Chances are that your doctors and medical providers may not have the skillset to develop a robust content development strategy, the time to write numerous articles for publication, or the budget to expand their teams in order to create time for writing. If your marketing team has excellent writing skills, write pieces, and send them over to your doctors to review and embellish. Otherwise, we recommend hiring freelancers to develop pieces via platforms like Upwork, Fiverr, Freeup, or Toptal.
Partner with local and national nonprofit organizations to move the needle on causes and initiatives that are important to you and your medical practice. You can offer university scholarships to graduating high school students who plan on studying medicine or sponsor students to participate in healthcare programs and trainings.
If a nonprofit has a specific program or project that aligns with your practice’s mission, for example, community health or pediatric health, make a donation in the name of your healthcare provider. In addition to potentially receiving a valuable backlink when these activities are announced online, you’ll have something to share across your social media channels.
Community, regional, and national events provide many opportunities to get backlinks. Your healthcare provider can sponsor an event, purchase a vendor table to meet people, or secure a speaking opportunity for someone on your team.
For local events, think about Rotary Clubs, Chamber of Commerce speaker series, school conventions, or popular community events that occur throughout a season like a summer concert series. Professional conferences, conventions, and trade shows happen all over the country and allow you to build national and local recognition as well as an opportunity to network with other industry leaders. Award shows and fundraisers are excellent opportunities to host a table for several board members, staff members, and providers, and potentially secure a presenter opportunity, or better yet, win an award!
Rather than just attending awards ceremonies where someone else is receiving the trophy, get into the running! Apply for “Best of” awards in all of your provider locations and nominate your medical staff in local and national competitions. Promote every award nomination through your social media channels, email campaigns, your website, and local publications. While it may feel weird to toot your own horn, this is a great way to build backlinks and grow your brand’s reputation.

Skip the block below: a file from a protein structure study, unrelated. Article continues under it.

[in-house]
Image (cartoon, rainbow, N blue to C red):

Many people don’t consider press releases as a valuable marketing tool worth their time, but we beg to differ. Press releases are inexpensive and, while not high-quality links themselves, they can be used to generate more backlinks if other media organizations pick them up and write articles about your provider. Submit press releases when you win an award, publish research, partner with a nonprofit on a new initiative, or open a new location.
You can use free or low-cost services like PR.com, i-Newswire, or PRLog to get your press releases out on the wire.
How to Develop a Strategy to Build Your Backlink Profile
Developing a link building strategy isn’t very complicated when you break it down and take it one step at a time. Let’s take a look at how you can approach a backlink building project:
Audit and Optimize Your Website First
Before you jump into producing content for outside websites, make sure that you have put in the work on your own website first.
Optimize your website by doing an audit of the content you currently have and determine what is missing. Do you have more than 500 words on your service and product pages? Do your physicians have robust profile pages with bios and highlights of their credentials, awards, and areas of expertise? Before you start building links, you need to ensure that your website contains comprehensive content that is well-optimized and answers potential patient questions.
If you’re trying to build your medical practice’s local reputation, consider adding a website section that promotes your community involvement. Write blog posts about events that you attend or sponsor. If you’re partnering with local non-profits on a special initiative, write about it! That’s great material for your blog as it’ll contain lots of coveted local keywords. As a bonus, not only does it help your organization, but it increases awareness of that non-profit’s initiative and boosts your brand’s reputation. Remember to include outbound links to other industry experts, nonprofit partners, and local community events.